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On the trail of how a church with its own law works

In reading this post, please keep its age in mind.

One of the pieces of information that the legislators made compulsory for the ACNC Register was ‘the entity’s governing rules’. Almost always a constitution, rules or trust deed.


I need this document to complete a review of a charity.


For the Presbyterian Church of Australia Aust Presbyterian World Mission Committee – yes, that’s its name – the Register showed me this:



Not the usual title of a governing document: first, they are not usually made especially for the ACNC, and second, it is usually a single document not ‘documents’ plural.


The ‘Description’ here is because the charity is a particular type of religious charity. So twice special.


Presbyterian Church of Australia Aust Presbyterian World Mission Committee is a charity whose ‘governing documents are a reference to the legislation that creates [its] organization, or to church or canon law.’ In this case, the ACNC says that they only need to provide a link to the laws, not a copy of them.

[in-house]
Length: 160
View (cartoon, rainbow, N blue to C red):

So that’s what’s in the .pdf document above:



The link leads, not to the documents, but to the website of Presbyterian Church of Australia in the State of New South Wales:



So one searches for the documents. (At least this charity has a search function; too many don’t). Don’t make the mistake that I made, though, quickly read the .pdf and search for ‘The Code’. The result is a discouragement to go further:


Luckily I rolled below the fold and found something much closer to what the ACNC want you to find:


A search on ‘Constituting Documents’ takes you straight there.


‘Constituting Documents of the PCNSW’ has been put in one document for you:


You might ask, then, why couldn’t this document be lodged on the Register? Was it in the mind of the legislators that sometimes the user will be sent on an internet trail in order to get basic information about how the charity works? Ignoring that, if there is a good reason why the document can’t be lodged on the Register, how about giving a link to it instead?


Now to the task of finding what I want in the 481 pages.